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Attainment Scotland Fund Evaluation - Headteacher Survey: 2020 report

The Attainment Scotland Fund Evaluation: Headteacher Survey – Full Report 2020 presents key findings from the fifth survey of headteachers of schools in receipt of Attainment Scotland Fund (ASF) support, covering the 2019/20 academic year including the period of school building closures from March.


6. Collaborative working

6.1. This section summarises views on whether and how ASF support has contributed to an increase in collaborative working.

6.2. The majority of headteachers had seen an increase in collaborative working in their school up to March 2020 as a result of ASF support. Nearly 2 in 3 (65%) indicated this, including more than a third (36%) who had seen a large increase in collaborative working as a result of the fund. This was broadly consistent with 2019 survey findings, although the proportion reporting increased collaboration has fallen from a peak of 77% in 2017.

6.3. A substantial proportion of headteachers indicated that they had seen a further increase in collaborative working during school building closures between March and June 2020; 46% indicated this.

6.4. Survey findings show some variation in school experiences around collaborative working. In particular, primary schools and those in rural areas were less likely to have seen an increase in collaborative working – up to and during the period of school building closures.

Figure 15: Whether seen an increase in collaborative working as a result of the Fund
Bar chart showing ratings of increases in collaborative working up to March 2020 and during school building closures

6.5. In terms of types of collaborative working, schools were most likely to have seen an increase in collaboration with families and communities, and other schools in their local authority. This applied both to the period up to and during school building closures, although survey results suggest that fewer schools were able to continue to improve collaboration with other schools during school building closures (50%, compared with 73% prior to closures). In contrast, 92% were able to continue to improve collaboration with families and communities during school building closures.

6.6. Survey findings show some variation in experience of collaboration across key respondent groups. This was particularly notable for collaboration with third sector organisations; Challenge Authority schools, secondary schools, and those in urban areas or small towns were most likely to have built collaborative working with third sector organisations.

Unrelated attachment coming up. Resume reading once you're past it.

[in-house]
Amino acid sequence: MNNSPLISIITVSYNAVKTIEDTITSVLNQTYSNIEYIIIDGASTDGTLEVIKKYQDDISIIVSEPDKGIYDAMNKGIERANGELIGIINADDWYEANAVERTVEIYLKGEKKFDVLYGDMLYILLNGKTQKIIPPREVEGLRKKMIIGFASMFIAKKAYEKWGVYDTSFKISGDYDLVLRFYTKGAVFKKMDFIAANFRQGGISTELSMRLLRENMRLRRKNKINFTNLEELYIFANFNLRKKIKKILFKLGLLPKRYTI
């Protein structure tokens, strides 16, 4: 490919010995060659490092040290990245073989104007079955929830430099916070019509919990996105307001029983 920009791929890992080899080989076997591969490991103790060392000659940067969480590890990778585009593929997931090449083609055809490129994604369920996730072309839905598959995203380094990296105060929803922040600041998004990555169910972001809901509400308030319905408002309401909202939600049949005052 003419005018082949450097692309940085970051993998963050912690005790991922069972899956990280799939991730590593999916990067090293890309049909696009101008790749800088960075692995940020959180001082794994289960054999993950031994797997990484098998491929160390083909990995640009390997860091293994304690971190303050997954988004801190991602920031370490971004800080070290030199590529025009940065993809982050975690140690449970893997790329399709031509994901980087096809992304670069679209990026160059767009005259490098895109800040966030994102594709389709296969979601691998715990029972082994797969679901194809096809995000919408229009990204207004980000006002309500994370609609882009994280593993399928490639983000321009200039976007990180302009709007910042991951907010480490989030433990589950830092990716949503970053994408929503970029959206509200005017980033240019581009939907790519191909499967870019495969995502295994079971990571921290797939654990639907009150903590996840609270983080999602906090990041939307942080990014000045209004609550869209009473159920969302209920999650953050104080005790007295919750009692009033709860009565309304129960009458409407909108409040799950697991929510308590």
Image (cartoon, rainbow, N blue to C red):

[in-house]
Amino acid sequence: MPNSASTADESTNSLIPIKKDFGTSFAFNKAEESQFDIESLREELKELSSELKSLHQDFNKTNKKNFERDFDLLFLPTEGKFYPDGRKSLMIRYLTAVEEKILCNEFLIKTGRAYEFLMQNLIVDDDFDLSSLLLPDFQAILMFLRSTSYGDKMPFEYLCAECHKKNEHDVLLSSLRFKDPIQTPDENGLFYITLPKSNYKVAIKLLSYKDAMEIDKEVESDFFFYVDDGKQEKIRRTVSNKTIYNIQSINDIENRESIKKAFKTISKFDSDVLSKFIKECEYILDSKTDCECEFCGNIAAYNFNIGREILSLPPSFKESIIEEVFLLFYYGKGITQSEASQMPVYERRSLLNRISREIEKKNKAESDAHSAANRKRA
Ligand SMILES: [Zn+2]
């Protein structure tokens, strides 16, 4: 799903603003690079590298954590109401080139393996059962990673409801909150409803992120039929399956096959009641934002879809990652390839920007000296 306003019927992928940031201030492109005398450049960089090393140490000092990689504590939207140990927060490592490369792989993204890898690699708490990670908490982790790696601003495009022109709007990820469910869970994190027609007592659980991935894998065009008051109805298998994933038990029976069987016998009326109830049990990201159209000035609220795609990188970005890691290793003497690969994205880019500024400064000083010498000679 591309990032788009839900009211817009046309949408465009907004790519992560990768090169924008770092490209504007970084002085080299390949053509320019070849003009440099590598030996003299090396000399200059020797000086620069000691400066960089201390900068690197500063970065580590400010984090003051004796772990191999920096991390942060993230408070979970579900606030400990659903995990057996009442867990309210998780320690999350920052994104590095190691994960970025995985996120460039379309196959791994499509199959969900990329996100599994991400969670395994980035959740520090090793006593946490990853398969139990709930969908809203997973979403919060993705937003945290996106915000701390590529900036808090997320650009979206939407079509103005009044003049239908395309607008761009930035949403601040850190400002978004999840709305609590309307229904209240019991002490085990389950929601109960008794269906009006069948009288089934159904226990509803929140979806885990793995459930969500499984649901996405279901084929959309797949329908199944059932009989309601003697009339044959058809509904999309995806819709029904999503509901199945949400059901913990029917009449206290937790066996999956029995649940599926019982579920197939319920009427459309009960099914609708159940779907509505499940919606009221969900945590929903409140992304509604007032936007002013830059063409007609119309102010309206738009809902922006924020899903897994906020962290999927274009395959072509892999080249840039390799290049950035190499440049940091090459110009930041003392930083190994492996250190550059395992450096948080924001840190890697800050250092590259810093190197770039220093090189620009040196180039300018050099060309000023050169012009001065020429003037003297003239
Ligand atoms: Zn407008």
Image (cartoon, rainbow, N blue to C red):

Figure 16: Where seen an increase in collaborative working as a result of the Fund
Bar chart showing ratings of where improved collaborative working identified

6.7. Headteachers were asked to provide comment outlining any new collaborations that have emerged during the period of school building closures. The main points raised by respondents are summarised below.

Table 13: New collaborations established (n=155)
Theme % of comments
With third sector organisations and community groups 37%
With public sector organisations, particularly health and social care, mental health services 21%
With other schools, primarily local cluster 20%
With families and communities 16%
With private sector organisations 5%
With universities and colleges 1%

6.8. New or improved collaboration with third sector organisations and community groups was the most common (referenced by more than a third of those providing comment). This included reference to national charities such as Barnardo’s and Action for Children, local voluntary organisations including a particular focus on those supporting families affected by poverty (e.g. foodbanks, financial inclusion services, addressing digital poverty), Citizens’ Advice, and local religious groups.

6.9. Around a fifth of those providing comment referred to new or improved collaboration with public sector organisations. This included schools working with NHS services (reference to specific services including mental health services and speech/language therapy), social work services, Community Learning & Development, housing services, local authority financial inclusion services, and Police Scotland.

6.10. A substantial number of those providing comment also referred to new or improved collaboration with other schools. This was most commonly closer working with local cluster schools, including some noting that this had been supported by input from the local authority. It was also noted that increased use of remote meeting software to support remote learning had also helped to support closer collaboration with other schools.

Contact

Email: Fiona.Wager@gov.scot

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